Does FGM Make Women Less Interested in Sex?

Female genital mutilation may affect attitudes towards promiscuity

Posted Jun 27, 2016

Chris Beckett/Flickr
Leyla Hussein, a prominent anti-FGM campaigner
Source: Chris Beckett/Flickr

Female Genital Mutilation (FGM) includes any procedure that removes part of the female external genitalia, such as the clitoris, or inflicts any other injury on the genitals for non-medical reasons.

FGM is practised as a matter of course in many countries, most of which are located in central Africa. Young girls, often around the age of puberty but sometimes only a few days old, are compelled to undergo FGM by family members and other authority figures who commonly cite reasons of tradition.

But another of the most prevalent justifications for FGM is that it reduces a woman’s sex drive. The theory is that by excising the clitoris, or suturing the labia together, a woman’s interest in sexual pleasure and her ability to enjoy sex are decreased. In cultures that value female virginity, FGM may increase a woman’s chances of finding a marriage partner. Evolutionary psychologists have long claimed that male anxiety over their female partners’ sexual experience and fidelity is driven by paternity uncertainty: the idea that men can never be 100% sure that they are the biological father of any offspring their partner gives birth to.

What is less clear is whether FGM meets this purported aim. Are supporters of FGM right to say that the procedure can reduce a woman’s sex drive?

FGM and sociosexuality

Ike Onyishi of the University of Nigeria, in collaboration with colleagues in Slovakia and the USA, interviewed around 100 women in a rural village in Nigeria. The women in this village belonged to the Igbo ethnic group, in which FGM is common but not universal. In Onyishi’s sample, 81% of women reported that they had undergone FGM and 19% of women reported that they had not.

All the women were asked to respond to questions from the sociosexual orientation inventory (or SOI). The SOI includes nine questions that gauge a person’s feelings about sex without commitment. There are three types of question: questions about sexual behavior, about attitudes, and about desire.

An example of a behavior question is “With how many different partners have you had sexual intercourse without having an interest in a long-term committed relationship with this person?” Attitude questions include “I do not want to have sex with a person until I am sure that we will have a long-term, serious relationship” (reverse coded). And one of the desire questions is “In everyday life, how often do you have spontaneous fantasies about having sex with someone you have just met?” In all cases, higher scores reveal less of a concern about uncommitted sexual relationships.

The results of the study showed that women with FGM scored lower on all three subscales than women without FGM. A maximum average score for each subscale would be nine. On the behavior subscale women without FGM scored 2.5, while women with FGM scored only 1.6. On the attitudes subscale women without FGM scored 3.1, while women with FGM again scored 1.6. And on the desire subscale women without FGM scored 3.5, while women with FGM scored 2.1.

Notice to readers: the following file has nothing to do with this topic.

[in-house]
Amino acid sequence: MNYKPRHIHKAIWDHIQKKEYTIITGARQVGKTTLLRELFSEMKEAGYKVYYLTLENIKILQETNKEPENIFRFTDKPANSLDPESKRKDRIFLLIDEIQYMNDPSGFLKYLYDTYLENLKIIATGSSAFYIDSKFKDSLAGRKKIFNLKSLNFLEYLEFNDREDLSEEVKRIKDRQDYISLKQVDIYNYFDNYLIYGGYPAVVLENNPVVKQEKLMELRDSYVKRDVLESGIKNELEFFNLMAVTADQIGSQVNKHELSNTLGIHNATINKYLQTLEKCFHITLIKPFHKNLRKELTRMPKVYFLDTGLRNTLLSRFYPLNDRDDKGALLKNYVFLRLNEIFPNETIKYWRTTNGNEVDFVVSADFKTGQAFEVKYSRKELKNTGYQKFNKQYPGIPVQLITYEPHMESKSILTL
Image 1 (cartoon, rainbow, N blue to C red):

Women who have undergone FGM report lower desire for uncommitted sex, are less permissive of uncommitted sex, and report engaging less often in uncommitted sex. But does this mean that FGM is responsible for these differences in desire, attitudes, and behavior? Are supporters of FGM right to suggest that FGM can prevent women from developing liberal attitudes to sex?

We can’t say for sure because Onyishi’s study wasn’t, strictly speaking, an experiment. He didn’t randomly assign girls to undergo FGM, or to forego FGM, and then wait until those girls were adults before testing them. For obvious reasons, a study like this would not be ethical. Therefore, it is not possible to say that the women in the FGM and the non-FGM groups differed in some other way that may have influenced the results. For example, it seems likely that socially liberal parents will be less willing to inflict FGM on their daughters, but more likely to transmit their liberal attitudes to their offspring. This means that FGM could be associated with liberal attitudes, while not directly causing them.

Nevertheless, Onyishi’s data are important because they suggest that supporters of FGM are probably correct to state that women who have undergone FGM are less likely to be unfaithful to their husbands, and less interested in casual sex. This knowledge may help campaigners to develop more convincing arguments in their efforts to eliminate FGM.


Onyishi, I. E., Prokop, P., Okafor, C. O., & Pham, M. N. (2016). Female genital cutting restricts sociosexuality among the Igbo people of Southeast Nigeria. Evolutionary Psychology, 14(2). Read paper

For an audio version of this story, see the 28 June 2016 episode of The Psychology of Attractiveness Podcast.

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